A recent New York Times article reported that Michael Bloomberg, the mayor of New York City, has announced that the city is starting a “nationwide initiative to pressure the food industry and restaurant chains to cut salt intake by half over the next decade.” The city has published data that this public policy experiment will lower health costs and prevent 150,000 premature deaths every year.
But where exactly is this data coming from? There is a strong following in the medical world for the anti-salt campaign, citing salty diets as a direct contributor to high blood pressure, and the associated heart problems. The logic, then, is that altering the public’s diet will reduce the number of morbidities and mortalities such as strokes and heart attacks. But the studies that suggest this connection may not be the most reliable works on which to base a complete overhaul of New York’s eating habits. In fact, most of the notable drop in blood pressure associated with a decrease in salty foods is observed in patients already suffering from hypertension. Furthermore, conflicting studies have reported a rise in blood pressure in response to less salt, or, more commonly, no change at all.
Without conclusive data to back his claims, it seems that Bloomberg is unethically engaging his citizens in a research experiment that may in fact be harmful to their health. The Times article cites studies that report numerous consequences of lowering salt intake, including anhedonia, a symptom of depression, an increased rate of hospitalization, and even death. What these conflicting reports tell us is that the effects of salt intake must be studied further, in a controlled and safe environment, and not with the heavy hand of sweeping legislation.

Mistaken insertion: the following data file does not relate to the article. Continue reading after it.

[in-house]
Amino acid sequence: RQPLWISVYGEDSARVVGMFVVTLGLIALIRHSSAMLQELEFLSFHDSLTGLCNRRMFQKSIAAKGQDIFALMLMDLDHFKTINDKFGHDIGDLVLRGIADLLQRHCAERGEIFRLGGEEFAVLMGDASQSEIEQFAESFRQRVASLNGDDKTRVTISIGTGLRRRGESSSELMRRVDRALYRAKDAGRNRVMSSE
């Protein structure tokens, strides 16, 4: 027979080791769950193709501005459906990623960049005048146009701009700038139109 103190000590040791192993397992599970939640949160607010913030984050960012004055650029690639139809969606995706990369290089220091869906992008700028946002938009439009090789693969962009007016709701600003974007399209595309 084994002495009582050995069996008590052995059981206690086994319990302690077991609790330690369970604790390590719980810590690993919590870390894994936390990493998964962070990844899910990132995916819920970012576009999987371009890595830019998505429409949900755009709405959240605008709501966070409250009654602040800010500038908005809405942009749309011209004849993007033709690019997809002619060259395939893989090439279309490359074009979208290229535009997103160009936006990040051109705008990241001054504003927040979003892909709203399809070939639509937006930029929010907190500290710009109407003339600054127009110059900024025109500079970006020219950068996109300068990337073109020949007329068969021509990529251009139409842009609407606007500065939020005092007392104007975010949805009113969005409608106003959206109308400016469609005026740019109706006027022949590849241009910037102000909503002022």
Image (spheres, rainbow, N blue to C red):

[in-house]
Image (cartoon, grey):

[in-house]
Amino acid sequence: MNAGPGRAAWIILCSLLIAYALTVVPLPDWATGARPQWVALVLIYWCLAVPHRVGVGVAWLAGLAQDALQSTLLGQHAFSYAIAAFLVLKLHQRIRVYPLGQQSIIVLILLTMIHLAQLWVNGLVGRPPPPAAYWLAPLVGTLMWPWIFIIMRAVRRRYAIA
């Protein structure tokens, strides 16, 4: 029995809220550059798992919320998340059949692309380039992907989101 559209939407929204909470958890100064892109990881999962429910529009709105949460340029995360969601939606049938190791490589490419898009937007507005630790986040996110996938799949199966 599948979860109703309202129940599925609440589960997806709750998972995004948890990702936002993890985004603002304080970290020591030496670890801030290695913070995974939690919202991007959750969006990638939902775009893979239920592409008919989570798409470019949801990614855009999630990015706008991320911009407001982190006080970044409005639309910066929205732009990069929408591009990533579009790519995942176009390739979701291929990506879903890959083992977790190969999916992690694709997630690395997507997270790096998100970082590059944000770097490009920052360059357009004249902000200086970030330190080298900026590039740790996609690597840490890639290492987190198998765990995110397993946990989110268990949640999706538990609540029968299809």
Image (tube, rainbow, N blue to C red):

Enrolling an entire city in a giant experiment raises quite a few issues from a bioethical standpoint. Where are the consent forms? The IRB approval? Acknowledgement of risks and side effects? How about voluntary enrollment? As in all research, the experimenter cannot possibly be sure that the effects he predicts will come about. When an entire city is involved, it then becomes much more important to ensure safety and ethicality of such endeavors. In the 1990’s, there was a nationwide sweep to reduce the intake of fats, before clinical trials yielded any conclusive data. Interestingly, what we saw was an increase in the rate of obesity, as people were eating more “low-fat” foods that contained harmful ingredients, and switching their calorie intake to carbohydrates. It’s very possible that this anti-salt campaign will end in a similar story. If Bloomberg chooses to promote this venture as a public health policy, and not as a legislative experiment, it must be firmly founded in conclusive empirical data.
While it is indeed likely that the mayor has the people of New York’s best interests in mind, I do not think that an ill-informed and indiscriminate legislation is best serving their needs. An awareness program about the possible effects of salt on blood pressure, or dietary guidelines that promote healthy eating habits, would be a safe first step, until science can definitively declare salt as dangerous. As a final thought, I wonder whatever happened to letting people make their own choices about food. What’s next, issuing a warning label on pints of Ben and Jerry’s? Come on, Bloomberg. Take a page from Marie Antoinette, and “Let Them Eat Salt!”
– Libby Greismann